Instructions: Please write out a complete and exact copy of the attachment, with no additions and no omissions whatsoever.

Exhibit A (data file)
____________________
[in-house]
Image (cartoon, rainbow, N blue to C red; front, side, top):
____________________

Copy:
[in-house]
Image (cartoon, rainbow, N blue to C red; front, side, top):